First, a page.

On Friday, Volkswagen of America detailed its plan to fix nearly 500,000 illegally polluting diesels in the United States to officials with the Environmental Protection Agency, the government body announced in a statement late Friday. The automaker was required to detail the fix no later than Friday.

The EPA, along with the California Air Resources Board, will review the proposal, said the statement. However, the EPA did not detail the proposal to the media or public and did not give a timeframe on when to expect the proposal to be detailed publicly.

The proposal only addresses issues detailed by the EPA in its September 18 Notice of Violation that applies to Volkswagen’s 2-liter diesel engines and not the 3-liter diesels which may also be cheating emissions tests.

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By on November 20, 2015

2014 Audi A7 TDI (11 of 34)

During a meeting Thursday between the Environmental Protection Agency, Volkswagen and Audi, officials from the automakers told the regulator an emissions program for 3-liter turbodiesel engines is also used on 2009 through 2016 model year vehicles, the EPA said in a statement today.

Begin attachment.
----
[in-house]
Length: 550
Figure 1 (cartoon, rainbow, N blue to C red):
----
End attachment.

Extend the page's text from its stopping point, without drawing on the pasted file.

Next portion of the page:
An earlier statement from the EPA on November 2 pointed the finger at a limited number of models and model years equipped with the 3-liter diesels, even though other model years of those same vehicles are virtually identical with regards to their emissions systems.

In the latest statement, the EPA is still calling the emissions program a defeat device, though Volkswagen, Audi and Porsche have yet to recant their claim that the emissions program is legal and doesn’t violate emissions laws.

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  • Contributing Writers

  • Jack Baruth, United States
  • Bark M., United States
  • Chris Tonn, United States